Chinese Science Bulletin

, Volume 59, Issue 10, pp 950–955 | Cite as

Multistage interband cascade photovoltaic devices with a bandgap of 0.23 eV operating above room temperature

  • Hao Ye
  • Hossein Lotfi
  • Lu Li
  • Robert T. Hinkey
  • Rui Q. Yang
  • Lin Lei
  • Joel C. Keay
  • Matthew B. Johnson
  • Tetsuya D. Mıshıma
  • Michael B. Santos
Invited Article Condensed Matter Physics

Abstract

Interband cascade (IC) photovoltaic (PV) device structures, consisting of multiple discrete InAs/GaSb superlattice absorbers sandwiched between electron and hole barriers, were grown by molecular beam epitaxy. Details of the molecular beam epitaxy growth and material characterization of the structures are presented. The discrete absorber architecture enables certain advantages, such as high open-circuit voltage, high collection efficiency, high operating temperature, and smooth integration of cascade stages with different bandgaps. The two- and three-stage ICPV devices presented in this article operate at room temperature with substantial open-circuit voltages at a cutoff wavelength of 5.3 μm (corresponding to a bandgap of 0.23 eV), the longest ever reported for room temperature PV devices. The device characteristics indicate a high level of current matching and demonstrate the advantages of the interband cascade approach in thermophotovoltaic cell design.

Keywords

InAs/GaSb superlattice Thermophotovoltaic Interband cascade devices 

Notes

Acknowledgments

The authors are grateful to Yuchao Jiang, Lihua Zhao, Chao Niu, and Ernest S. Sanchez for technical assistance. This study was supported in part by the DoE EPSCoR program (DE-SC0004523) and C-SPIN, the Oklahoma/Arkansas MRSEC (DMR-0520550).

References

  1. 1.
    Wilt D, Chubb D, Wolford D et al (2007) Thermophotovoltaics for space power applications. In: Proceedings of seventh world conference on thermophotovoltaic generation of electricity, vol 890. American Institute of Physics, College Park, pp 335–345Google Scholar
  2. 2.
    Teofilo VL, Choong P, Chang J et al (2008) Thermophotovoltaic energy conversion for space. J Phys Chem C 112:7841–7845CrossRefGoogle Scholar
  3. 3.
    Datas A, Algora C (2013) Global optimization of solar thermophotovoltaic systems. Prog Photovolt Res Appl 21:1040–1055Google Scholar
  4. 4.
    Chan WR, Bermel P, Pilawa-Podgurski RCN et al (2013) Toward high-energy-density, high-efficiency, and moderate-temperature chip-scale thermophotovoltaics. Proc Natl Acad Sci USA 110:5309–5314CrossRefGoogle Scholar
  5. 5.
    Coutts TJ, Ward JS (1999) Thermophotovoltaic and photovoltaic conversion at high-flux densities. IEEE Trans Electron Dev 46:2145–2153CrossRefGoogle Scholar
  6. 6.
    Mauk MG, Andreev VM (2003) Gasb-related materials for TPV cells. Semicond Sci Technol 18:S191–S201CrossRefGoogle Scholar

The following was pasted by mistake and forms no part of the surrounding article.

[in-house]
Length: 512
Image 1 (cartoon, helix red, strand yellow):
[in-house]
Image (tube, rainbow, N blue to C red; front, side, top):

7. 7.
    Zenker M, Heinzel A, Stollwerck G et al (2001) Efficiency and power density potential of combustion-driven thermophotovoltaic systems using GaSb photovoltaic cells. IEEE Trans Electron Dev 48:367–376CrossRefGoogle Scholar
  8. 8.
    Su N, Fay P, Sinharoy S et al (2007) Characterization and modeling of InGaAs/InAsP thermophotovoltaic converters under high illumination intensities. J Appl Phys 101:064511CrossRefGoogle Scholar
  9. 9.
    Yang RQ, Li L, Zhao L et al (2013) Recent progress in development of InAs-based interband cascade lasers. In: Belyanin AA, Smowton PM, eds Novel in-plane semiconductor lasers XII, Proc SPIE, vol 8640. SPIE Photonics West, San Francisco, p 86400qCrossRefGoogle Scholar
  10. 10.
    Yang RQ (2013) Interband cascade (IC) lasers. In: Baranov A, Tournie E (eds) Semiconductor lasers: fundamentals and applications. Woodhead Publishing Limited, CambridgeGoogle Scholar
  11. 11.
    Yang RQ, Tian Z, Klem JF et al (2010) Interband cascade photovoltaic devices. Appl Phys Lett 96:063504CrossRefGoogle Scholar
  12. 12.
    Lotfi H, Hinkey RT, Li L et al (2013) Narrow-bandgap photovoltaic devices operating at room temperature and above with high open-circuit voltage. Appl Phys Lett 102:211103CrossRefGoogle Scholar
  13. 13.
    Hinkey RT, Tian Z-B, Rassel SMSS et al (2013) Interband cascade photovoltaic devices for conversion of mid-IR radiation. IEEE J Photovolt 3:745–752CrossRefGoogle Scholar
  14. 14.
    Bracker AS, Yang MJ, Bennett BR et al (2000) Surface reconstruction phase diagrams for InAs, AlSb, and GaSb. J Cryst Growth 220:384–392CrossRefGoogle Scholar
  15. 15.
    Tian Z, Hinkey RT, Yang RQ et al (2012) Interband cascade infrared photodetectors with enhanced electron barriers and p-type superlattice absorbers. J Appl Phys 111:024510CrossRefGoogle Scholar
  16. 16.
    Keay JC, Li L, Brunski DB et al (2011) Suppression of slip-line defect formation in gasb substrates during thermal desorption of oxide layers. In: Poster session presented at 28th North American molecular beam epitaxy, San DiegoGoogle Scholar

Copyright information

© Science China Press and Springer-Verlag Berlin Heidelberg 2014

Authors and Affiliations

  • Hao Ye
    • 1
  • Hossein Lotfi
    • 1
  • Lu Li
    • 1
  • Robert T. Hinkey
    • 1
    • 2
  • Rui Q. Yang
    • 1
  • Lin Lei
    • 1
    • 2
  • Joel C. Keay
    • 2
  • Matthew B. Johnson
    • 2
  • Tetsuya D. Mıshıma
    • 2
  • Michael B. Santos
    • 2
  1. 1.School of Electrical and Computer EngineeringUniversity of OklahomaNormanUSA
  2. 2.Homer L. Dodge Department of Physics and AstronomyUniversity of OklahomaNormanUSA

Personalised recommendations